Miami International Airport (IATA: MIA, ICAO: KMIA, FAA LID: MIA), also known as MIA and historically as Wilcox Field, is the primary airport serving the Miami area, with over 1,000 daily flights to 167 domestic and International destinations. The airport is in an unincorporated area in Miami-Dade County, Florida, 8 miles (13 km) northwest of Downtown Miami, in metropolitan Miami, between the cities of Miami, Hialeah, Doral, Miami Springs, the village of Virginia Gardens, and the unincorporated Fontainebleau neighborhood.
It is South Florida's main airport for long-haul international flights and a hub for the Southeastern United States, with passenger and cargo flights to cities throughout the Americas, Europe, Africa, and Western Asia, as well as cargo flights to East Asia. It is the largest gateway between the United States and south to Latin America, and is one of the largest airline hubs in the United States, owing to its proximity to tourist attractions, local economic growth, large local Latin American and European populations, and strategic location to handle connecting traffic between North America, Latin America, and Europe.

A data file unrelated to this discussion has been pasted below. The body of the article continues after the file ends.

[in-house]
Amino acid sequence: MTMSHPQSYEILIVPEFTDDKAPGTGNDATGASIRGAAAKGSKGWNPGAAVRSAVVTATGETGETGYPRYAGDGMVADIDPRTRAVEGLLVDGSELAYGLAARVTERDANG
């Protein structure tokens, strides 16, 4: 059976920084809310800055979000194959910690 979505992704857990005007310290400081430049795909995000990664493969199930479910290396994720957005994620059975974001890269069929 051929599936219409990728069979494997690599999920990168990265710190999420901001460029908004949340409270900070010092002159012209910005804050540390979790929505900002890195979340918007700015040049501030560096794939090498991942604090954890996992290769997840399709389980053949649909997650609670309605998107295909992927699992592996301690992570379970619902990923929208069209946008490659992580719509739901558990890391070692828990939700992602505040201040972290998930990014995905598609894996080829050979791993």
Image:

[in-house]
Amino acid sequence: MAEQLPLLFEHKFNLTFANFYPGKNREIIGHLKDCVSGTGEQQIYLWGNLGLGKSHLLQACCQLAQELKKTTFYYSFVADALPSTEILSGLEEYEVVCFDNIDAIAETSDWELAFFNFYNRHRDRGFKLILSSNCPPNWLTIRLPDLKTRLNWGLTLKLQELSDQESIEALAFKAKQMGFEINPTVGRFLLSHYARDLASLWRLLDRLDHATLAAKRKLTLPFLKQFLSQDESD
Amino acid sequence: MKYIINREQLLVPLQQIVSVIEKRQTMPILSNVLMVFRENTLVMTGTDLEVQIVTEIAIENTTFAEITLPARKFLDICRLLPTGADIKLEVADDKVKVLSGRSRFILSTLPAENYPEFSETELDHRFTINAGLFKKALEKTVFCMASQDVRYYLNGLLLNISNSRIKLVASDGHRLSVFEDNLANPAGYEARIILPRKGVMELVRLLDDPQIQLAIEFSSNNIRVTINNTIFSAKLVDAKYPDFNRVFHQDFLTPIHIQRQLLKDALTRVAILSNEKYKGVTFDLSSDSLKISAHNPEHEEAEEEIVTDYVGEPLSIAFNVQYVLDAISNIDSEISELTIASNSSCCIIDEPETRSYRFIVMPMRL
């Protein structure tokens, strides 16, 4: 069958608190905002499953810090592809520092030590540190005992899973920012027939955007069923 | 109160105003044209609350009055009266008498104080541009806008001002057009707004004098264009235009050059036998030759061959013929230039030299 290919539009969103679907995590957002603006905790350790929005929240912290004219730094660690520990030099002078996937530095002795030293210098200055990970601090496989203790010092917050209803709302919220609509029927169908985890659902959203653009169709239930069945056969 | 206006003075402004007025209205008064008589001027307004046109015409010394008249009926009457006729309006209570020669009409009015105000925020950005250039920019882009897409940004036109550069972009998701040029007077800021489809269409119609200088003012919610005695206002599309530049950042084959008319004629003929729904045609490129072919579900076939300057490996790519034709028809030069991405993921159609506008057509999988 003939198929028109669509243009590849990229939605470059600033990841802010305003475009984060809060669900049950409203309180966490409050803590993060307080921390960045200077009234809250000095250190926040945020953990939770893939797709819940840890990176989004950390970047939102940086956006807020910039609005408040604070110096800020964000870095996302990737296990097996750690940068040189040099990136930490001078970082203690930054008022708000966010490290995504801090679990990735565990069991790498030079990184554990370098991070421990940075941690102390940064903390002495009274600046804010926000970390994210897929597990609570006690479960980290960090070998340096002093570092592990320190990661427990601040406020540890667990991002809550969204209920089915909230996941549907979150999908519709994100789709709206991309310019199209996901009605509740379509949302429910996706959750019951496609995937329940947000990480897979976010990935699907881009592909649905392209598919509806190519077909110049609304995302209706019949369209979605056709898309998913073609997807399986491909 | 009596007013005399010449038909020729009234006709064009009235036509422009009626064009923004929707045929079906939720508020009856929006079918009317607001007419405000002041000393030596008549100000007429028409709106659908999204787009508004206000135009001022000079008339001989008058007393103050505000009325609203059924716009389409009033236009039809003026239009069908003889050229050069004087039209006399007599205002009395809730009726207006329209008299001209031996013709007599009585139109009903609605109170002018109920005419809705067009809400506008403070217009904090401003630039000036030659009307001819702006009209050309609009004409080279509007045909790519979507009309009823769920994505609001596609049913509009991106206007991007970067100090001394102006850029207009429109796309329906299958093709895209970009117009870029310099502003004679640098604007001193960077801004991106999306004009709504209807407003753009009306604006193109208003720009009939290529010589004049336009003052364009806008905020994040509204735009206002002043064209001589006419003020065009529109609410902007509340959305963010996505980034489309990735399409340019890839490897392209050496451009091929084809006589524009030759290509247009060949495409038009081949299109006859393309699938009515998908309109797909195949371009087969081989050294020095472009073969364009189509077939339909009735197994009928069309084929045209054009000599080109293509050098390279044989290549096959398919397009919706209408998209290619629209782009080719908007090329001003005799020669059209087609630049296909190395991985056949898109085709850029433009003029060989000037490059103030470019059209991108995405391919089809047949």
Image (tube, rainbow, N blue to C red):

In 2018, 45,044,312 passengers traveled through the airport, making it the 13th busiest airport in the United States and 40th busiest in the world by total passenger traffic. It is the 3rd busiest airport in the United States by international passenger traffic. MIA is Florida's busiest airport by total aircraft operations and total cargo traffic and its second busiest by total passenger traffic after Orlando International Airport.
The airport is American Airlines' primary gateway to Latin America (Central America, Caribbean Sea / West Indies islands, South America) along with a domestic hub for its regional affiliate American Eagle in the U.S.A. It also serves as a focus city for Avianca, Frontier Airlines, and LATAM, both for passengers and cargo operations. In the past, it has been a hub for Braniff International Airways, Eastern Air Lines, Air Florida, the original National Airlines, the original Pan American World Airways ("Pan Am"), and Fine Air.